In late October, a woman allegedly forced her way into the home of a friend of her husband's during the night. The victim alleges that he was unaware of the woman's presence until he awoke after feeling an individual on top of him. When he saw the female, he claims he immediately recognized her as the wife of one of his friends. Despite telling her to leave, he says that she continued to perform inappropriate and unwanted acts on him.

Drug charges among those filed in arrest of 14 in Texas

The criminal process is often complex. Most importantly, all procedures must not violate the rights of those facing criminal charges. However, those with no experience concerning the law may have difficulty navigating the process without professional assistance. At least 14 people in Texas are facing drug charges, among other accusations.

Police describe the group as a theft ring. As part of the investigation and arrest process, police claim they confiscated a significant amount of property that had previously been reported stolen. Some of the property included a vehicle, televisions and several other relatively expensive items. The property had allegedly been taken from three different counties.

White collar crimes like forgery and fraud can be fought

Been accused of a white collar crime in Texas? Unfortunately, it isn't unusual for a prosecutor to obtain evidence in such a way that is an obvious violation of your rights. Often, aggressive action is needed against these procedures. Even without any obvious trail or evidence, white collar crimes such as wire fraud or forgery can have serious implications.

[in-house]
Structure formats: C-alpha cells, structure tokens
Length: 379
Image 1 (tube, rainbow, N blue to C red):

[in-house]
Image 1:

Without the usual hard evidence associated with other criminal offenses, these types of allegations are typically in a league of their own. However, there is no one type of individual who is usually charged with such crimes. In fact, nearly anyone could be accused of committing them -- not just business men working at large corporations. For instance, those accused of computer hacking don't have to be working in an IT Department.

Defense claims that man is not competent to face felony charge

Unfortunately, there are many individuals across the United States who are suffering from serious mental illnesses and are unable to receive adequate treatment. In some instances, a serious mental illness may cause an individual to act in such a way that they have little to no control over. The case of a 19-year-old Texas man facing a felony charge has been in limbo for the past two years as his mental competency has been thoroughly investigated.

Roughly two years ago, a 911 operator received a call from the then 17-year-old boy who reported that his mother and sister were dead. While on the phone with 911, he allegedly admitted to killing both of them. Although he was indicted on murder charges in 2012, he has yet to stand trial.